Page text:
Proper 20 • James 3:13–4:10 • September 20, 2015

By Jeffrey Kloha

James 3 and 4 stand among the harshest condemnations found in the NT. To be called “earthly, unspiritual, demonic” is certainly not the life to which the saints have been called. But it is nevertheless evident among us: bitter jealousy (3:14), strife (3:14, 16), disorder (3:16), foul deeds (3:16), quarrels, fights, (4:1–2), and covetousness (4:2) are all present in our world, in our congregations, in our families, on our blogs, and, most troubling, in our hearts (3:14, 4:1). Preaching the law to our congregations—and to ourselves—will not be difficult from this text.

In fact, the law may be all that we see in this text. But what is the purpose of this preaching of the law by James? It is to call to repentance, with the result that the Lord “lifts us up.” James 4:8–10 is, in fact, the heart of the book. Far from teaching “works righteousness,” James drives his hearers to the realization that they have abandoned their Lord, sought to live for themselves alone, and as a result have nothing but death. They are, using the language of the Old Testament, “adulterous people” (cf. Jer 3, esp. 3:20) who have become “friends of the world.” They are “double-minded” (Jas 1:8), people who claim to be God’s people yet live as people of the world. The final condemnation comes in 4:5 best rendered as a pair of condemning questions: “Or do you suppose that the Scripture speaks uselessly? Does the Spirit that he causes to dwell in us crave jealously?” These rebukes expose the self-delusion of thinking that God allows us to get away with living double-minded lives.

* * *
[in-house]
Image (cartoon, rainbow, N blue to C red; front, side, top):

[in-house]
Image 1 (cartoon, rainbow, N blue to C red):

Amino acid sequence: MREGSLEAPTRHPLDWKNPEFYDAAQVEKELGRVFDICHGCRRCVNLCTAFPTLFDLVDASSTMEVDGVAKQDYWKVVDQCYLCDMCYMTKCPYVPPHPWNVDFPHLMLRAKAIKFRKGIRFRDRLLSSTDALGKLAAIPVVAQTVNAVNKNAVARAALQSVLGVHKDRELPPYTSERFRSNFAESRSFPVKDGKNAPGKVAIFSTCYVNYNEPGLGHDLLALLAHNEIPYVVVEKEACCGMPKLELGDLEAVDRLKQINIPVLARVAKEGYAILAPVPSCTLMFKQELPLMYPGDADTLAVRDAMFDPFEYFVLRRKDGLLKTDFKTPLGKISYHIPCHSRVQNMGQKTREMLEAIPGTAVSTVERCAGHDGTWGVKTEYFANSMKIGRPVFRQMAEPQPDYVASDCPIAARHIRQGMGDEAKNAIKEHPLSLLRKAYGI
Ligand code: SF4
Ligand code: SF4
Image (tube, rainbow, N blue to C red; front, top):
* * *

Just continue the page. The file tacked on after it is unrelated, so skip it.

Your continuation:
But. As in Paul, James shifts from law to gospel with a δὲ (4:6). The Scriptures do not speak uselessly, and indeed they speak a promise: “he gives a greater gift.” While the ESV and other translations render χάριν as “grace,” here James refers again to God as the giver of the gifts (1:5 and 1:17). His gift is greater than our failure. It is upon the “humble” that God bestows gifts, upon those who repent and trust his promise.

Verses 4:8–10 is the call to repentance and new life in this God who lifts up. The verses are an inclusion of repentance: “Therefore, submit yourselves to God” (4:8) and “Humble yourselves before the Lord” (4:10) are the actions of the penitent, of those who can only trust the promise. What does the act of repentance look like? Turning from the devil and toward God (4:7–8), cleansing and purifying (4:8), mourning and contrition (4:8–9). All actions of the covenant people of God, and also the actions of those who are now in Christ—those who live not by their own power and strength but solely by the precious blood of Jesus.

Jesus, of course, is not explicitly mentioned in this text, and scarcely at all in the Epistle of James. But it is addressed to those who “hold the faith of our Lord, Jesus Christ.” In what does this faith consist? In being “lifted up” to new life in him (Jn 12:32). This new life no longer consists in jealousy, strife, quarrels, bitter deeds, etc. Rather, in Christ we are lifted up to a life that is above such self-serving and destructive behavior; lifted up to help and befriend our neighbor in every bodily need; lifted up to speak well of our neighbor and put the best construction on everything. For we have been lifted up.

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